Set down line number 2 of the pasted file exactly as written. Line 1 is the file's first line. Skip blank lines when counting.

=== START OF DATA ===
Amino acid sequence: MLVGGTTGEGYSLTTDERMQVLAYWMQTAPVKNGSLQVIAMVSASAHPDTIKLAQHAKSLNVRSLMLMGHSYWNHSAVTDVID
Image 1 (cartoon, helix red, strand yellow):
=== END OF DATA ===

Image 1 (cartoon, helix red, strand yellow):